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EXPERTS’ OPINION   Free accessfree

Minerva Anestesiologica 2018 August;84(8):980-6

DOI: 10.23736/S0375-9393.17.12450-8


language: English

Do patients require “escorts” or “carers” for discharge following day surgery and office-based anesthesia? Both sides of the debate explored

Keira P. MASON 1 , Christopher M. BURKLE 2

1 Department of Anesthesia, Harvard Medical School, Boston Children’s Hospital, Boston, MA, USA; 2 Department of Anesthesiology, Mayo Clinic College of Medicine, Rochester, MN, USA

Over the past few years, there has been a rapid rise in office-based procedures, out of hospital and day surgery procedures, particularly as an effort to combat the escalating costs of hospital-based services. Coincident with this burgeoning demand for office-based anesthesia, is the accompanying increased risk of anesthesia and sedation-related complications. In the 1990’s and 2000’s, the risk of mortality was higher for anesthetics and sedations performed outside of the operating theater setting. Although guidelines exist for ambulatory and office-based anesthesia, they are being continuously reviewed and reconsidered. A challenge for office-based settings, is the expectation of having an “escort” available to assume responsibility for the patient at time of discharge from the post anesthesia care setting. Challenges in securing an escort can lead to delays, cancellations and same day patient “no shows.” This expert review, the first one to ever be published on this topic, will explore the medicolegal, regulatory, pharmacologic and pharmacokinetic issues involved on both sides of this debate need to be carefully considered and understood, considering the pros and cons of requiring an escort for same day post anesthesia discharge.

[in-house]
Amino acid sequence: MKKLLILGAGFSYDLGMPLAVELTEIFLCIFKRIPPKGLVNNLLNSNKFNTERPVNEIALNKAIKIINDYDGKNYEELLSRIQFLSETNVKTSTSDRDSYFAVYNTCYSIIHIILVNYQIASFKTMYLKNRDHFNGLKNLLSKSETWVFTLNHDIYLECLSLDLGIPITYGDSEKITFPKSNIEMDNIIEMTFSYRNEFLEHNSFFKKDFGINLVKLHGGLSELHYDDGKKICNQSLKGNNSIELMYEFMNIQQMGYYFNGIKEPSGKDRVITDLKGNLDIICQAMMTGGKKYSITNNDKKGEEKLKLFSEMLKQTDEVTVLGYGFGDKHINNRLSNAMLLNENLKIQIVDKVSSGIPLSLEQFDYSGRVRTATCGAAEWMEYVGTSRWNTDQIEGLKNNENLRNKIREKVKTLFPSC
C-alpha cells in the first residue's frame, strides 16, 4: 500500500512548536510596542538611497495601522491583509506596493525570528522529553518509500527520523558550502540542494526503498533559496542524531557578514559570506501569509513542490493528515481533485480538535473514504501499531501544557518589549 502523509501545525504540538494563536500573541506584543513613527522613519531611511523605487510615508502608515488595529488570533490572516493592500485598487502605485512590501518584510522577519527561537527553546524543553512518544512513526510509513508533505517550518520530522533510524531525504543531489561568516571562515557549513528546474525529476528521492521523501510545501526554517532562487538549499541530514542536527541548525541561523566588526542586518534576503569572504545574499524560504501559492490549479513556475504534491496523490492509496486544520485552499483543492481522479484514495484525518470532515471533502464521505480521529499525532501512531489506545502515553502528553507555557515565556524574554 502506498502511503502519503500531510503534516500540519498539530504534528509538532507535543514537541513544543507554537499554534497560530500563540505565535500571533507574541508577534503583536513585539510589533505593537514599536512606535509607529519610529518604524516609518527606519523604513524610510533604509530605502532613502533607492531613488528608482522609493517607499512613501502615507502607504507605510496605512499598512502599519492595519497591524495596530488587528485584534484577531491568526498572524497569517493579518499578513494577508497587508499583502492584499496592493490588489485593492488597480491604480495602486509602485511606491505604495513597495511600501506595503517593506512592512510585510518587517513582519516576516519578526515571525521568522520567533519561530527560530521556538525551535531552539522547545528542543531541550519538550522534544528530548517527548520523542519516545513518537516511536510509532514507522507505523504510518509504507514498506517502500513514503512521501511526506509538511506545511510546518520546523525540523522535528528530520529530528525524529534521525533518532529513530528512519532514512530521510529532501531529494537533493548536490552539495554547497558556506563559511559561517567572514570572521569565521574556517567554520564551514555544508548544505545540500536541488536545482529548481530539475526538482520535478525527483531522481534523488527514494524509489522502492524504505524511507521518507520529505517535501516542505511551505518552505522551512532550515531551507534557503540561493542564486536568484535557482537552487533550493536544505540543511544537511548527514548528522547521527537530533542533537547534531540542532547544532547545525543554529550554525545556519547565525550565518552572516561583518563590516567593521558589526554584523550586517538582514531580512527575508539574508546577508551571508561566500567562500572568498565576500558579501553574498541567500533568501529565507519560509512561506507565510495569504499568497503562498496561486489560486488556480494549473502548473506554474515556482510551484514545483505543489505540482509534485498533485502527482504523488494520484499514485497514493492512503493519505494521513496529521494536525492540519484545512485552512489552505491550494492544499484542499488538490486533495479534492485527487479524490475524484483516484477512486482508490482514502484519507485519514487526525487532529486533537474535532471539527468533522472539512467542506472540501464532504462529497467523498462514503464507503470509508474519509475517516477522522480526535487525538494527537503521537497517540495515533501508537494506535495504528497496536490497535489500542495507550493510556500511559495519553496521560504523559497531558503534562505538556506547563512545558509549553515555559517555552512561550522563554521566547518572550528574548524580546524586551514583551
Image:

KEY WORDS: Propofol - Midazolam - Ambulatory surgical procedures - Patient discharge

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